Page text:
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Departing from my usual topics, Im going to talk a bit about the old days in the automotive lubricants industry. By old I mean the 1980s, when SAE was the place to be.

Youre probably wondering what prompted this walk down memory lane. Well, two things happened. First, we just added a new engine oil grade to the SAE Standard J300 viscosity classification system (see page 8). Second, in late September I received an e-mail from a longtime subscriber named Charles Chuck Colyer. This was pretty humbling to me, as Chuck wrote:

For some time I have wanted to compliment you on your LubesnGreases articles. I am about to put 91 candles on my birthday cake, so I better do it pronto. I am Chuck Colyer, former SAE/ASTM/API Committee chairman of various engine oil performance/classification systems during the post-WWII years -the beginning of it all. We thought we produced harmony between the oil and auto industry worldwide. We had gone from base oils to complex additive packages, from oil name quality to performance based on lab engine tests and field tests. You were one of the younger SAE members, representing Pennzoil, thus I dont have to go into more detail.

Today one classification doesnt satisfy all and we continue to strive for improved fuel economy/volatility/shear stability, etc., with improved additives; who would ever have thought I would consider SAE 0W-20 grade? I wish in our time we would have had someone like you summarizing the status to date and giving all a chance to contribute, knowing the facts. Again, continue to provide the facts necessary to make proper decisions. – Chuck Colyer, also SAE 1983 president.

Chuck passed away on Dec. 12, at the age of 91. But he was right in saying I was one of the younger SAE members in the 1980s. Id just gone to work for Pennzoil and was newly stationed in Houston. As automotive product manager, I would be the guy to attend the SAE meetings and join the appropriate technical committees. At the time, SAE Subcommittee TC-1 covered fuels and TC-2 focused on engine oils. Dick Kabel from General Motors Research was chairman of TC-2 and Paramins (now Infineum) Jim Newcombe was its secretary.

Dick Kabel and I discussed some of the activities of SAE at the time, and he explained how Chuck was instrumental in getting SAE 15W added to the viscosity grade list. The Europeans (via the Coordinating European Council) were eager to have this winter grade but there was a lot of resistance on the part of North American oil companies. BP Europe was a strong champion of 15W, and Volkswagen was also very keen on adding it to the SAE viscosity classification system.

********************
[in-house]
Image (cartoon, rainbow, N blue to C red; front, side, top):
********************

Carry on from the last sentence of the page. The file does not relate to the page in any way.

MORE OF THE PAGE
Chuck was the SAE Fuels & Lubricants Committee chairman then, so he called a special meeting to discuss the subject prior to the 1979 SAE Congress. At that time, the Congress was held in Detroit each February. The F&L Committee met on Sunday just prior to the Congress and included representatives of North American and European companies and trade groups. The debate was intense yet Chuck was able to gain consensus. An employee of Amoco, he himself voted in favor – which was counter to his own companys position. He just felt that it was technically right to add the grade.

SAE 15W was officially added to SAE J300 in the September 1980 revision of the classification system. As we all know, SAE 15W has taken its place as one of the mainstay grades, especially for heavy-duty engine oils.

In another move with far-reaching effects, Chuck was the main driving force in moving the Lubricants Review Institute to SAE headquarters on behalf of the U.S. Army. It doesnt seem to be a very big deal, but it was important in gaining SAE oversight of this important function. The LRI (now part of SAEs Performance Review Institute) is responsible for reviewing and recommending engine oils and gear lubricants for Army vehicles and equipment.

There were a lot of hot topics during Chucks tenure at SAE in the early 80s. The winters of 1980-81 and 1981-82 were the years of the great pumpability problems. SAE J300 had been modified in 1967 to include a cold-cranking requirement at 0 degrees F., and in 1980 a low-temperature pumpability test was added as well. However, this latter test was not able to predict low-temperature pumpability correctly. I distinctly remember Tony Berylo from Chrysler standing in an SAE TC-2 meeting and reporting major field problems with camshaft bearing seizures during cold weather. Meanwhile Quaker State (long before its marriage with Pennzoil) was also in the throes of a public relations nightmare over engine oil low-temp pumpability.